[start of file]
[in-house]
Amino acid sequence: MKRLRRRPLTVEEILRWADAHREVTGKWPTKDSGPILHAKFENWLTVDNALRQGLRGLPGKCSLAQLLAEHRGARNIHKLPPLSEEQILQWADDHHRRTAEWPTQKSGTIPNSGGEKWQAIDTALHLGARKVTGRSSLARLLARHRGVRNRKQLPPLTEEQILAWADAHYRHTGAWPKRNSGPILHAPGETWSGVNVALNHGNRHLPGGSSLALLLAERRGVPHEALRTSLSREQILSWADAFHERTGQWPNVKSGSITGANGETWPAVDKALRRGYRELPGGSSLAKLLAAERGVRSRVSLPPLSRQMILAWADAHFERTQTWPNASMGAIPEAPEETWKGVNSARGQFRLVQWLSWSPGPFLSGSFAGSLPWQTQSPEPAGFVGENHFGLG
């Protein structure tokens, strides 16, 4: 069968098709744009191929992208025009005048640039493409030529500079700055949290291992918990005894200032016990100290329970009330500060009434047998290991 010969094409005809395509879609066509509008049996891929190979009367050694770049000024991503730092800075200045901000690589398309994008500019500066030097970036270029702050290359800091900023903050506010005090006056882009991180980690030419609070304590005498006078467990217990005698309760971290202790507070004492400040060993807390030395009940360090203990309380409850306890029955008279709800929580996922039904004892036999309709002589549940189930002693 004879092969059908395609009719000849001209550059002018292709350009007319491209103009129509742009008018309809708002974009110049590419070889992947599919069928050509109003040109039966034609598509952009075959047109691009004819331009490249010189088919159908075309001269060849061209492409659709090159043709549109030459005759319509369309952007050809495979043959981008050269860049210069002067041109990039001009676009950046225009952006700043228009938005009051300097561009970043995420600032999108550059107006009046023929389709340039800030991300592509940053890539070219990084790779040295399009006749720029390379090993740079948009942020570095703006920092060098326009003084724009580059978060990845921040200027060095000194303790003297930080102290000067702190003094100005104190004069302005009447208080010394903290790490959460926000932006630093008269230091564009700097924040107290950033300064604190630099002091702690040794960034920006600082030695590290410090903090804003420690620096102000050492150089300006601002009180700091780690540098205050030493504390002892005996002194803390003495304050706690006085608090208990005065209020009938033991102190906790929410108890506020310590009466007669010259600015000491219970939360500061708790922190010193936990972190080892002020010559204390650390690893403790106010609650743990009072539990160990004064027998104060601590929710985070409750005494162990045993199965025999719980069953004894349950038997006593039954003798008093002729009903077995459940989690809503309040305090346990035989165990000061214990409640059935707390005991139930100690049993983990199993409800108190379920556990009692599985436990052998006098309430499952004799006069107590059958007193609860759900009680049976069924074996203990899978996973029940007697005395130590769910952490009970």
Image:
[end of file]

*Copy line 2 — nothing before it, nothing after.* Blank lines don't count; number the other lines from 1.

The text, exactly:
Amino acid sequence: MKRLRRRPLTVEEILRWADAHREVTGKWPTKDSGPILHAKFENWLTVDNALRQGLRGLPGKCSLAQLLAEHRGARNIHKLPPLSEEQILQWADDHHRRTAEWPTQKSGTIPNSGGEKWQAIDTALHLGARKVTGRSSLARLLARHRGVRNRKQLPPLTEEQILAWADAHYRHTGAWPKRNSGPILHAPGETWSGVNVALNHGNRHLPGGSSLALLLAERRGVPHEALRTSLSREQILSWADAFHERTGQWPNVKSGSITGANGETWPAVDKALRRGYRELPGGSSLAKLLAAERGVRSRVSLPPLSRQMILAWADAHFERTQTWPNASMGAIPEAPEETWKGVNSARGQFRLVQWLSWSPGPFLSGSFAGSLPWQTQSPEPAGFVGENHFGLG